In an interview for RNZ's Nine to Noon show, PMA Chief Executive, Debbie Sorensen, says one of the key concerns that have been identified is the language barrier which has seen a large population of RSE workers left isolated from necessary support.
"A lot of these young men and women have lost everything that they came with and are very anxious; they’ve been traumatised as has everyone in the region, but they don’t have family support, they don’t have people who understand their language and who can communicate with them.
We’re dealing with post-trauma work, people who are frightened and anxious so we have a full mental health team going which will include a psychiatrist, psychiatric nurses, therapists and counsellors."
The PACMAT team will consist of people who can speak Tongan, Tuvaluan, Samoan, Fijian, Kiribati, Tok Pisin (Papua New Guinea) and Bislama (Vanuatu).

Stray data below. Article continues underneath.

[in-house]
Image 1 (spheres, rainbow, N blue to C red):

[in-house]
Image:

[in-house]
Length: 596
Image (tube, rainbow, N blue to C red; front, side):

Mrs Sorensen adds that along with mental health support, the team will provide medical support in response to the high number of people reporting health and skin related issues from the flooding.
"Our teams, when they came back from the region on Sunday, are reporting growing cases of diarrhoea, vomiting and skin infection as people have moved through the dirty water.
We are taking public health specialists for exactly that reason and then they can provide really good information back to Te Whatu Ora and to the Public Health agency."